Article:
« on: June 25, 2014, 08:18:56 AM »
You think it might just be an economies of scale issue. Maybe the 7DII will have a sensor built on a new smaller say 50nm production line and to get the most out of the new line Canon needs to produce all it's new sensors on that line and retire the old 500nm line(s). This would make economic sense no? The "new revolutionary" sensor in the 7DII I think will point out where ALL EOS cameras are going.
Canon used the 7D as a development mule for camera ergonomics and User Interface updates, which is why the camera's handling is still so fresh. Nearly all of it's design changes went into the 5DIII and 1DX. So much so many people called the 5DIII a full frame 7D than a 5DII replacement (which is what the 6D eventually became). The AF redesign paved the way for the 61 point array and control and apart from the sensor, there is still a lot to like about the 7D. So it makes sense for Canon to use the 7DII as a development tool to updaqte the sensor technology and design. As long as the 7DII breaks even in the market place then the develeopment and lessons learnt from this model are effectively free to Canon, who can then incorporate it's features into the next gen of camera models...ie 5D4, 6DII, 1DXII ect. If the sensor is fantastic, then it's hype will generate a natural desire for full frame variants...and the next gen camera models will pretty much sell themselves with little marketing. In my view, that's the wise application of innovation which leads to market dominance.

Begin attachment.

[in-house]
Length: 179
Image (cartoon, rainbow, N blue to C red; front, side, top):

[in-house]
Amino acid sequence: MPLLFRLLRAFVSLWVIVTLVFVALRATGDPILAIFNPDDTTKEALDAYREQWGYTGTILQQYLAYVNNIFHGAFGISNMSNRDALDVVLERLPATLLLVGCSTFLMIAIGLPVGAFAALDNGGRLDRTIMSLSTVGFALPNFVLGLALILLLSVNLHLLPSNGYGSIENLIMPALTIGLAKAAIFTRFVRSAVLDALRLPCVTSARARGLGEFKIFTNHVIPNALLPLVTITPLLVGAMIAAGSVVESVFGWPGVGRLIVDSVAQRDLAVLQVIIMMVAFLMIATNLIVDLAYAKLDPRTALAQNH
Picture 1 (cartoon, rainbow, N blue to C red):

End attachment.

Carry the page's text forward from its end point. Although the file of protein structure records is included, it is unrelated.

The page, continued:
If I rememebr the 40D introduced Live view to Canon, which was later incorporated into the 1DsIII and 5DII models. For landscape work, it was a game changer...somehitng which Nikon have never fully engaged with.
I think you are missing my point. I was just throwing it out there that new 1D & 5D next year could be because Canon have retooled their sensor production lines and will no longer be able to produce the current sensors. We will have a very good idea if this is the case when the 7DII is released.
It's a fair point you make, I think Canon will want to move away from it's existing sensor design because it's their most complained about feature in the current generation of cameras. If Canon has to introduce new silicon etching equipment due to the need to move forwards, then that can only be a good thing for photographers. Canon have a history of slow but accurate change, they were slow to introduce AF, but they did it right and when they did, most other camera manufacturers moved over to a simular system. Nikon with their awful screw drive...Minolta / Sony had a simular system. Canon held off Digial sensors and pretty much went stright for cmos when every one else was playing with CCD chips...again, a few years later every one copied Canon because they got it right first time. A classic case of measure twice and cut once.
So when this new sensor tech lands....it'll be a wonder and an eye opener.
In the mean time, I'm still enjoying my 5DIII's